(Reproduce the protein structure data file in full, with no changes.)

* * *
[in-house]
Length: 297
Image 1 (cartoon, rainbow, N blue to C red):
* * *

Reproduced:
[in-house]
Length: 297
Image 1 (cartoon, rainbow, N blue to C red):